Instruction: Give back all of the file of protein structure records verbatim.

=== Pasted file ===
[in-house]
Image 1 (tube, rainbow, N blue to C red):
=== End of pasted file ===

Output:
[in-house]
Image 1 (tube, rainbow, N blue to C red):